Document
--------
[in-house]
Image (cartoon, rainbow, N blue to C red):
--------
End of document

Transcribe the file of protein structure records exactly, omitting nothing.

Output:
[in-house]
Image (cartoon, rainbow, N blue to C red):